The celebrated USS Indianapolis was nearly blown in half by two Japanese torpedoes and sunk on July 30, 1945, a tragedy that also stands as one of World War II’s most harrowing survival stories.
The Indianapolis, a heavy cruiser and flagship of the 5th Fleet, was hit about 12:15 a.m. between Guam and the Philippines.
About 300 of the 1,195 sailors would go down with the heavy cruiser, and approximately 900 survivors would have to wait about four days in the water to get rescued. Subjected to dehydration, heat, delirium from drinking salt water, and shark attacks, only 316 would make it out of the water alive.
An estimated few dozen to 150 sailors were killed by sharks, making it the deadliest shark attack in history.
Here’s the story of the Indianapolis.
The USS Indianapolis was a Portland-class cruiser that commissioned in 1932.
About 610 feet long and a beam of about 66 feet, the Indianapolis had a full load displacement of 11,574 tons, and eight White-Forster boilers that brought it to a top speed of about 37 mph.
In fact, the Indianapolis was built with rather thin armour plating. While it saved weight and made the ship fast, it also made the ship vulnerable to torpedoes and mines.
The ship was armed with nine eight-inch guns (two of which are seen below in the bow), four five-inch guns, twenty-four 40mm intermediate range guns and thirty-two 20mm guns.
It even had two Curtiss O2U scout floatplanes.
President Franklin Roosevelt would go aboard the Indianapolis several times before WWII, and even took the ship on a “Good Neighbour” cruise to South America in 1936.
And he stayed in this cabin.
During WWII, the Indianapolis took part in many operations in the Pacific, including the Aleutian Islands, Iwo Jima, the Battle of Saipan, and more.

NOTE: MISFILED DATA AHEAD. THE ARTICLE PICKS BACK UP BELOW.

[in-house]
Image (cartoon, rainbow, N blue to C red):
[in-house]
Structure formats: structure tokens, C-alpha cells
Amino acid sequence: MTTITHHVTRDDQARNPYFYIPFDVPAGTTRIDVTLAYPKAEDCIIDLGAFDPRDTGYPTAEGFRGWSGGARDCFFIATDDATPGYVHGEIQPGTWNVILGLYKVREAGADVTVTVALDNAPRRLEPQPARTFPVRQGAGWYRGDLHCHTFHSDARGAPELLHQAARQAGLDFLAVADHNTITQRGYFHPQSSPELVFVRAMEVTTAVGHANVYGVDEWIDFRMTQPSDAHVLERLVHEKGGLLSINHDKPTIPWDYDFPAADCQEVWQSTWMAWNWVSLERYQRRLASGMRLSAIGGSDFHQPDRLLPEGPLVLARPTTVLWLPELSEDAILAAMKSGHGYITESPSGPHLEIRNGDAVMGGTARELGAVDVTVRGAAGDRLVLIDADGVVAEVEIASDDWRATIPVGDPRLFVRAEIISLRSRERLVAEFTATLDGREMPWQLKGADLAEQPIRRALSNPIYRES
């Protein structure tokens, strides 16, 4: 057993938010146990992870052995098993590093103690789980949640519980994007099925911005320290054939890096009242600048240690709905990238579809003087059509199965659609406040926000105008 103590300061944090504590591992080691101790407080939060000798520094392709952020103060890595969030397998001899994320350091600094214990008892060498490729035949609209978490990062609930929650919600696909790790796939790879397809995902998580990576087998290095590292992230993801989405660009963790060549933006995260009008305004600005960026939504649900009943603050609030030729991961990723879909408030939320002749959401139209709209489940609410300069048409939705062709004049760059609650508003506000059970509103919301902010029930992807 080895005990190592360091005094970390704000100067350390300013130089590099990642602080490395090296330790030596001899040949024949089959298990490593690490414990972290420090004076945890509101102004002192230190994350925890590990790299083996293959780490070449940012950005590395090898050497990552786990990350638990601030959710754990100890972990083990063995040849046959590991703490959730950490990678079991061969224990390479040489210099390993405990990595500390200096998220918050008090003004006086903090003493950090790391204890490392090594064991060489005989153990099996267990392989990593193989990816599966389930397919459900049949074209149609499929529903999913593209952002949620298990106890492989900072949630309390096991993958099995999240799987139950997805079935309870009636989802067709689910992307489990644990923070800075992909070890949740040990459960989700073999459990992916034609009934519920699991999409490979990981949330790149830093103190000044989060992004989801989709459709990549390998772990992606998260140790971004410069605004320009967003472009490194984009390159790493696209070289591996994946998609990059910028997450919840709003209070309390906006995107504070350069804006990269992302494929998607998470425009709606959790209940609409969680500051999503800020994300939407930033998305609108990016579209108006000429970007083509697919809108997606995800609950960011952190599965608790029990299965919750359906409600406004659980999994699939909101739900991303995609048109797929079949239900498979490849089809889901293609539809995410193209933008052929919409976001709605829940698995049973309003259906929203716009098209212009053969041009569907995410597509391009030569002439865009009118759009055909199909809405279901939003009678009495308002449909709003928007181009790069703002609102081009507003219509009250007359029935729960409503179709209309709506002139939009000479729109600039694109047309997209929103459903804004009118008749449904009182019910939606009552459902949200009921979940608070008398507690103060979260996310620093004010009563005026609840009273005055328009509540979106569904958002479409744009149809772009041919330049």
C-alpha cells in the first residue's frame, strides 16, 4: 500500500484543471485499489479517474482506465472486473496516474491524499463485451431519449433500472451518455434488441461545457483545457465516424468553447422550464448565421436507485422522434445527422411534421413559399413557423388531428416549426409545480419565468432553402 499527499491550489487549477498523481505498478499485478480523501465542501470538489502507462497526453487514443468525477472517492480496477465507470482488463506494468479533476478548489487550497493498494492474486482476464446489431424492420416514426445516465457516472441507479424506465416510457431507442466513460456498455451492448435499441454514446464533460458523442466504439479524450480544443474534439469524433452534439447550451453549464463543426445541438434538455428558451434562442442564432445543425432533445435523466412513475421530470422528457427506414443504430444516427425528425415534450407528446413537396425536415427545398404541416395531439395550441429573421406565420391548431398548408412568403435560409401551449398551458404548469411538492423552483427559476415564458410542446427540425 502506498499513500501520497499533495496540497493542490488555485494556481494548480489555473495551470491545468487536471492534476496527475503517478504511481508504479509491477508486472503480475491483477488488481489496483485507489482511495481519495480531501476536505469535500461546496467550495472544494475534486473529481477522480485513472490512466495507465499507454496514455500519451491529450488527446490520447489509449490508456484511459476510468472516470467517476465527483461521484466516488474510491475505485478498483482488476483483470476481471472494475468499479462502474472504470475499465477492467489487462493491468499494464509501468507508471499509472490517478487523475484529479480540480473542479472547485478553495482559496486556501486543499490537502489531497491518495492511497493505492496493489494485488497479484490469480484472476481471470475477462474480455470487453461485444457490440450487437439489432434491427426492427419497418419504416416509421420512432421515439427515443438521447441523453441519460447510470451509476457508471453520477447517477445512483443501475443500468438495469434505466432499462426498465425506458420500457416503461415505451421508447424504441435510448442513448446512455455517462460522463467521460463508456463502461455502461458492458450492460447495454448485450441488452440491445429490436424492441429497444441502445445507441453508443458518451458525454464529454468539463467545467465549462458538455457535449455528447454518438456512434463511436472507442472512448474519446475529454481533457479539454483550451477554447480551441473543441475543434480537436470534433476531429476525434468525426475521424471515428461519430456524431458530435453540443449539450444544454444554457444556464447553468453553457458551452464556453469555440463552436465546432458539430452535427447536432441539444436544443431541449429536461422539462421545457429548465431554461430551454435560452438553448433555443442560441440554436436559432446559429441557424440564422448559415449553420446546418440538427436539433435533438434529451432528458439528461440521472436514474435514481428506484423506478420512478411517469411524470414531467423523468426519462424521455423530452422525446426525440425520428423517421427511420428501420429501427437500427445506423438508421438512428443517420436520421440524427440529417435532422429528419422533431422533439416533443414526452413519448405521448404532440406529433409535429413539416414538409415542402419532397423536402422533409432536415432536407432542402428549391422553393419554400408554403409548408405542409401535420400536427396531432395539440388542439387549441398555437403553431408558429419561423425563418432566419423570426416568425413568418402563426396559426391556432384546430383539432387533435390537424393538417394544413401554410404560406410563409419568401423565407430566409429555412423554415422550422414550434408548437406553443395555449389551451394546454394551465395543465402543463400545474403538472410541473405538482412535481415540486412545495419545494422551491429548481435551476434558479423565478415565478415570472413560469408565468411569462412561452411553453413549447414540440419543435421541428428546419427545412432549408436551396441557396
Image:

On March 31, 1945, shortly before the Battle of Okinawa, the Indianapolis was hit in the stern by a Japanese kamikaze pilot, crashing through a mess hall and berthing and killing nine American sailors.
The ship was taken back to Mare Island, CA and overhauled (after which this picture was taken).
After it was overhauled, the USS Indianapolis was given a secret mission: transporting enriched uranium and other materials for the first atomic bomb on Hiroshima to a naval base on the Pacific island of Tinian.
On July 30, after delivering the materials, the Indianapolis was sailing unaccompanied from Tinian to the Philippines to prepare for an invasion of Japan.
Shortly before 12:15 a.m., this Japanese submarine, I-58, which was commanded by Mochitsura Hashimoto, fired six Type 95 torpedoes at the Indianapolis.
Here’s a shot of the I-58’s forward torpedo room in 1946.
The first torpedo hit the Indianapolis’ starboard bow. The second hit the middle of the ship, igniting the fuel tank. The ship sank about 12 minutes after getting struck.
About 300 sailors and Marines were trapped inside and went down with the ship. Approximately 900 survivors wouldn’t be rescued for about four days because the ship’s distress call was thought to have been a Japanese ambush.
Subjected to dehydration, heat, delirium from drinking salt water, and sharks, only 316 sailors would survive the four days in the water.
The loud noise, thrashing and blood drew in many sharks, which are thought to have killed a few dozen to 150 sailors, making it the worst shark attack in history.
The sailors and Marines huddled together in large packs for protection, but were slowly picked off over the four days, as the sharks continued biting the bodies of the dead.
“Men began drinking salt water so much that they were very delirious,”survivor Granville Crane later said. “In fact, a lot of them had weapons like knives, and they’d be so crazy, that they’d be fighting amongst themselves and killing one another. And then there’d be others that drank so much [salt water] that they were seeing things. They’d say, ‘The Indy is down below, and they’re giving out fresh water and food in the galley!’ And they’d swim down, and a shark would get them. And you could see the sharks eating your comrade.”
The 316 survivors were finally rescued on August 2. Capt. Charles McVay III, the ship’s commanding officer, was later court-martialed for failing to manoeuvre the ship in zig zags that might have evaded torpedoes. It was a highly controversial verdict, and McVay was exonerated after his death, in 2000.
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